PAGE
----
We flew out of Dubai in the dead of the night for the 45 minute flight to Doha, the capital of Qatar and the hub for all of Qatar Airways’ flights out of the Middle East. While the new airport is stunning, particularly for its sculptures,

Dubai 2014_13

it was hard to hang out for two hours and then board the flight to Perth, Australia knowing that it was going to be 11 ½ hours long. We did sleep well, however, and managed to be semi-alert when we arrived there at 5:30 in the afternoon.  We were there in large part because of our dear friends Wendy and Ken. We first met them in 2004 in the back of a pickup truck in Thailand on our way to the Mekong River, and then spent two days with them as the slow water taxi took us downstream to Luang Probang in Laos.


We then traveled with them through Laos and have always treasured the bond we felt with them. It had been too long and we found the bond still there when we saw them again. As you can see, they haven’t aged at all!


They are now back in Perth where Ken grew up and have a lovely home with an absolutely stunning backyard, complete with a wonderful huge porch and barbeque


and a pool and hot spa to die for.

Perth, WAustralia

In addition, their home is graced by Zuri, their lovely chocolate lab, here caught enjoying a midafternoon siesta under her blanket.


We spent a lot of time just enjoying them and their home, but also did some serious exploring as well. Perth itself is described as the wealth capital of Australia as most of its mining is in the west and the mining concerns are based here. As this shot from the waterfront demonstrates, it has a downtown sparkling and new.


Early on we took a boat out to Rottnest Island, about twelve miles out into the Indian Ocean from the mainland and free of all cars. It was discovered by de Vlamingh, a Dutch explorer, and was then crowded with small marsupials called quokkas, which he took to be rats. Thus the island’s name in Dutch.


These aren’t the only animals on the island, however, as these fellows, descendants of those brought from Arabia more than a century ago, are still around nuzzling each other.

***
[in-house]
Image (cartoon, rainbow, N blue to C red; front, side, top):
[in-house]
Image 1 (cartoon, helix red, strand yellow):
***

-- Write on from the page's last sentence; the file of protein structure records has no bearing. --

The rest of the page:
And the birds of Australia are just amazing. We see so many that are unlike any we have ever seen before that we will try to do a gallery of them in a later blog, but here is a lorikeet eating a fig from a tree as a preview.


We rented bikes and spent most of the day riding around the island and loved the waters surrounding it—vibrant blues varied by the depth of the sand and reefs close by.



We also had a marvelous day with Wendy and Ken in neighboring Fremantle, richer in history perhaps than Perth and still a very important port. Most of it dates from the latter half of the nineteenth century and while it went through a period of deterioration a couple of decades ago, it is now being renovated with many of its historic buildings preserved and introduced to new uses.  The photo at the top of this blog is an example of what Fremantle looks like today.

Central to the city is the Fremantle Market, built in the late nineteenth century with a lovely brick exterior.


Inside it is alive with activity and life with throngs of shoppers buying every kind of food.


We also took a long walk along the boardwalk lining the harbor and which features a wonderful sculpture of fishermen bringing their catch ashore